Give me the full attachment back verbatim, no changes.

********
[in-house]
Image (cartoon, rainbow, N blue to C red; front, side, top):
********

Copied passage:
[in-house]
Image (cartoon, rainbow, N blue to C red; front, side, top):